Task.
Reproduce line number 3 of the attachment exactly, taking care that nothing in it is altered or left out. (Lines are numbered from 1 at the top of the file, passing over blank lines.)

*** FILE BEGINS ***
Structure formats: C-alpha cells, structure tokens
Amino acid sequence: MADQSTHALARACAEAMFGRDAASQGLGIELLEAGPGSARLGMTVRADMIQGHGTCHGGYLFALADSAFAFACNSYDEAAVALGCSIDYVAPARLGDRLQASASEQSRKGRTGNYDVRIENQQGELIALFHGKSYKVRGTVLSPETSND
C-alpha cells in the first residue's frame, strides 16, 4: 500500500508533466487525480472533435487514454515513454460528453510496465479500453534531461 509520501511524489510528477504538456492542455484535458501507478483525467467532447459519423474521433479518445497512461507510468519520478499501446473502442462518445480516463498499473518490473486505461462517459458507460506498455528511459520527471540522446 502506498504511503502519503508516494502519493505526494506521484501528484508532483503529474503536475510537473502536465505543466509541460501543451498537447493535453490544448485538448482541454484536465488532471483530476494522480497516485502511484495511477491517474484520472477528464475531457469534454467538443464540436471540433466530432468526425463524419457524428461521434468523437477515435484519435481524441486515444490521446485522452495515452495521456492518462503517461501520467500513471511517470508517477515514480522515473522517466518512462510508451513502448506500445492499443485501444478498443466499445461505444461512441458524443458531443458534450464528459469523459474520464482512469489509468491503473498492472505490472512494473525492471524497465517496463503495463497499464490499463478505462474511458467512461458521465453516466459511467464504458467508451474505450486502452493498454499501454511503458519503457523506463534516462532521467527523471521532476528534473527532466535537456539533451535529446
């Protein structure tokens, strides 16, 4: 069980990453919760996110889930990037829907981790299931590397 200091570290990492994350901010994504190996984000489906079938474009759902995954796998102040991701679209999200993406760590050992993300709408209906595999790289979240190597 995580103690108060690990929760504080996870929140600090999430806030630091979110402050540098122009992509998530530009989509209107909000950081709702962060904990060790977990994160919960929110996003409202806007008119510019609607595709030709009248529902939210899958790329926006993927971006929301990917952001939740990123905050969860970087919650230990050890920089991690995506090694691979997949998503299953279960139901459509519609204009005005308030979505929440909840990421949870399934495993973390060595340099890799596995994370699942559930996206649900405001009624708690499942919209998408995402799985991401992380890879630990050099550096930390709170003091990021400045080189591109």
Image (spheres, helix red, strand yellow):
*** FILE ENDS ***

C-alpha cells in the first residue's frame, strides 16, 4: 500500500508533466487525480472533435487514454515513454460528453510496465479500453534531461 509520501511524489510528477504538456492542455484535458501507478483525467467532447459519423474521433479518445497512461507510468519520478499501446473502442462518445480516463498499473518490473486505461462517459458507460506498455528511459520527471540522446 502506498504511503502519503508516494502519493505526494506521484501528484508532483503529474503536475510537473502536465505543466509541460501543451498537447493535453490544448485538448482541454484536465488532471483530476494522480497516485502511484495511477491517474484520472477528464475531457469534454467538443464540436471540433466530432468526425463524419457524428461521434468523437477515435484519435481524441486515444490521446485522452495515452495521456492518462503517461501520467500513471511517470508517477515514480522515473522517466518512462510508451513502448506500445492499443485501444478498443466499445461505444461512441458524443458531443458534450464528459469523459474520464482512469489509468491503473498492472505490472512494473525492471524497465517496463503495463497499464490499463478505462474511458467512461458521465453516466459511467464504458467508451474505450486502452493498454499501454511503458519503457523506463534516462532521467527523471521532476528534473527532466535537456539533451535529446